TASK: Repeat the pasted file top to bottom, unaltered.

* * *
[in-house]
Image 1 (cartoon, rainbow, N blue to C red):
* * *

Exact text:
[in-house]
Image 1 (cartoon, rainbow, N blue to C red):